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Series | Zinn Education Project - Dec. 29, 1890, Anniversary of the Wounded Knee Massacre

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  • Part 1: Dec. 29, 1890: Anniversary of the Wounded Knee Massacre
  • Here are resources on Native American history and contemporary issues for teaching (and learning!) outside the textbook.
  • Part 2: December 29, 1890 - Wounded Knee Massacre
  • The 7th Cavalry (Custer's old command) fired their artillery amidst mostly unarmed women, children, and fleeing men.

Compiled by David Culver, Ed., Evergreene Digest 

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Part 1: Dec. 29, 1890: Anniversary of the Wounded Knee Massacre

Here are resources on Native American history and contemporary issues for teaching (and learning!) outside the textbook.

The Zinn Education Project

https://zinnedproject-wpengine.netdna-ssl.com/wp-content/uploads/2014/07/wounded_knee_artwork-213x300.jpg Poster: We Remember Wounded Knee

On Dec. 29, 1890, a Lakota encampment on the Pine Ridge Indian Reservation was attacked by the U.S. Army and close to 300 Native Americans were murdered near Wounded Knee Creek in South Dakota. 

Read more about the massacre at the Last of the Independents website.

Beginning on Feb. 27, 1973, 83 years later, Wounded Knee was the site of a 71-day standoff between the American Indian Movement and federal law enforcement officials. Watch Episode 5 from the film We Shall Remain on Wounded Knee history.

Here are resources on Native American history and contemporary issues for teaching (and learning!) outside the textbook.

The Zinn Education Project promotes and supports the teaching of people’s history in middle and high school classrooms across the country. Based on the lens of history highlighted in Howard Zinn’s best-selling book A People’s History of the United States, the website offers free, downloadable lessons and articles organized by theme, time period, and reading level.

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Part 2: December 29, 1890 - Wounded Knee Massacre

The 7th Cavalry (Custer's old command) fired their artillery amidst mostly unarmed women, children, and fleeing men.

Carl Bunin, Today in Peace and Justice History 

http://www.peacebuttons.info/IMAGES/Support-Indian-Resistance.jpg1.5" button reissued from the '70s Union printed - made in Detroit  Click here to order.

December 29, 1890 | The U.S. Army killed approximately 300 Oglala Sioux at Wounded Knee, in the new state of South Dakota. 

The 7th Cavalry (Custer's old command) fired their artillery amidst mostly unarmed women, children, and fleeing men. 

Carl Bunin: Publisher, Today in Peace and Justice History, a weekly peace and justice history mailing.

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MN Churches Declare Themselves Sanctuaries for Illegal Immigrants

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“What we are going to do is get the people that are criminal and have criminal records, gang members, drug dealers, where a lot of these people, probably 2 million, it could be even 3 million, we are getting them out of our country or we are going to incarcerate...But we’re getting them out of our country. They’re here illegally.” (Donald Trump on “60 Minutes” November 13, 2016)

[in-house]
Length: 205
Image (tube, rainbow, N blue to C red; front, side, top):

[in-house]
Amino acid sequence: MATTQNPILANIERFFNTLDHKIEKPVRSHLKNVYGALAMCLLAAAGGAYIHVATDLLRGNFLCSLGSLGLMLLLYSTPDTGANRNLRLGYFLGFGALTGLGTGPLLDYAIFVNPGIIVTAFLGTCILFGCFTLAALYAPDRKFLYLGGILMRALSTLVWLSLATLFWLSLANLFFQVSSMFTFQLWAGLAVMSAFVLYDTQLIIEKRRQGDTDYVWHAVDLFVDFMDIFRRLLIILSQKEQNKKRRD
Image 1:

Andrea Mayer-Bruestle, Alpha News

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Tuesday, December 6, 2016, leaders from 30 congregations held an event at the Church of the Redeemer to announce that 13 Minnesota churches plan to become “sanctuaries” for illegal immigrants, including those sought by police.

The announcement stems from fears over President-elect Donald Trump’s statements regarding deportation of illegal immigrants during and after the election season. Comparing themselves to the “Underground Railroad” system during the years of US slavery, the religious leaders did not detail exactly how long they would house the people, nor the plan’s logistics.  One leader, Rev. Mark Vinge of the House of Hope Lutheran Church in New Hope, told the (St. Paul, MN)  Pioneer Press:  “That’s unknown, but we know that the Lord will guide us.”

Andrea Mayer-Bruestle serves as the chair of South Washington Citizens for Progress; a committee formed to hold South Washington County School District ISD 833 accountable to taxpayers. Her knowledge and research skills have helped guide legislators and political activists across the state.

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What you — yes, you — can do to save America from tyranny

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Here are 20 lessons from across the fearful 20th century, adapted to the circumstances of today.

Timothy Snyder, Dallas (TX) News

http://evergreenedigest.org/sites/evergreenedigest.org/files/Defend%20Civil%20Liberties%20Graphic_1.jpgNovember 21, 2016 | Americans are no wiser than the Europeans who saw democracy yield to fascism, Nazism or communism. Our one advantage is that we might learn from their experience. Now is a good time to do so.

Here are 20 lessons from across the fearful 20th century, adapted to the circumstances of today.

Timothy Snyder, Contributor, Dallas (TX) News <http://www.dallasnews.com>, a Yale history professor and historian of Eastern Europe, originally published this on Facebook. He is the author of "Black Earth: The Holocaust as History and Warning."

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Special Report | War On The Homeless- Day Jobs, Not Tickets

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  • Part 1: War On The Homeless 
  • Cities All Over America Are Passing Laws Making It Illegal To Feed And Shelter Those In Need
  • Part 2: Albuquerque Gives Panhandlers Day Jobs, Not Tickets
  • While other cities try to regulate or ban panhandlers, Albuquerque, N.M., offers them an income and social services for the day.

Compiled by David Culver, Ed., Evergreene Digest

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Part 1: War On The Homeless 

Cities All Over America Are Passing Laws Making It Illegal To Feed And Shelter Those In Need

blogfactory